The Bastille Day crowd on the waterfront in Nice, France, was a festive mixture of French locals and foreign visitors. 

The lorry that slammed into them late on Thursday, apparently intent on hitting as many as possible, did not discriminate - among the 84 dead identified so far were Tunisians, Algerian, Moroccons, French, American, Russian and Swiss citizens.

The bloody attack injured another 100, at least 50 of whom are in critical condition and are still "between life and death", French President Francois Hollande said during a press conference in Paris on Friday.

"The truck just ploughed into us, it hit everyone," Franck Sidoli, an eyewitness, told Al Jazeera. 

In Photos: Scenes of carnage in French city of Nice

Fatima Charrihi, 60, a Nice resident and mother of seven, was among the first to be killed by the driver, her son Hamza told French media.

Hamza described her as "an extraordinary mum" and a devout Muslim who practised "real Islam, not that of the terrorists". She is originally from Morocco.

Timothe Fournier, 27, from Paris, was also killed as he tried to push his seven-month-pregnant wife out of the lorry's deadly path, his cousin Anais told AFP news agency.

"He was a great guy ... a young dreamer, but someone who was always there for his wife and his future child," she said.

An 11-year-old boy from Texas identified as Brodie and his 51-year-old father, Sean, were also killed. They had been in Nice on vacation along with other family members when the attack happened.

"We are heartbroken and in shock over the loss of Brodie Copeland, an amazing son and brother who lit up our lives, and Sean Copeland, a wonderful husband and father," said a statement released by family friend Jess Davis.

Teachers and children

French authorities confirmed the death of 60-year-old athletics club president Robert Marchand.

A retired couple from Pays-Haut, in northern France, was also killed, along with their daughter and grandson, according to French daily Le Republicain Lorrain. 

Francois,82, and Christiane Locatelli, 78, were on holiday in the French Riviera with their daughter, Veronique Lyon, 55, and their 28-year-old grandson Michael Pellegrini, an enonomics teacher.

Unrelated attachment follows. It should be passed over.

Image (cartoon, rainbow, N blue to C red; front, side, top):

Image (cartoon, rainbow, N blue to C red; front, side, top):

Also killed was border police commissioner Emmanuel Grout, 45, who was off duty and had been on the Promenade des Anglais to watch the annual firework display, local media said.

The office of the Berlin mayor announced that a German teacher and two of her pupils from the capital's Paula-Fuerst School were killed.

 

Meanwhile, the Swiss foreign ministry announced the deaths of a Swiss "woman and a child", but gave no further details. It was not immediately clear if they were related.

The mayor of the Swiss town of Agno named the woman as 54-year-old customs agent Linda Casanova Siccardi, who was on holiday with her French husband, who survived the attack.

The mother of a four-year-old Tunisian boy, Olfa Bent Souayah, was also killed in the attack, and her son is still missing, according to Tunisia's foreign ministry. 

Two Tunisian men, Bilal Labaoui and mechanic Abdelkader Toukabri, were also killed.

Two children from Algeria died, the Algerian government said.

According to reports, at least 10 children were killed in the attack. 

A 70-year-old Algerian woman who was visiting her daughter in Nice was also killed, said a spokesman for the Algerian foreign ministry.

One Russian tourist was also killed, the Russian foreign ministry said.

Russian news site Novosti-24 named her as 20-year-old university student Viktoria Savchenko, who was on holiday in Nice with a friend. The friend sustained injuries to her legs but was not in a serious condition, it added.

In Ukraine, Foreign Minister Pavlo Klimkin said a Ukrainian national was killed in the attack and another was injured.

An Armenian national was also among the dead, the Armenian foreign ministry said.

The bloody attack injured another 100, at least 50 of whom are in a critical condition [EPA]

Source: Al Jazeera and agencies